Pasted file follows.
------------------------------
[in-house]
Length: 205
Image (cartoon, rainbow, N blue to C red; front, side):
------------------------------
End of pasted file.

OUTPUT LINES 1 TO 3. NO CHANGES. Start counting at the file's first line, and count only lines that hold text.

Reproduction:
[in-house]
Length: 205
Image (cartoon, rainbow, N blue to C red; front, side):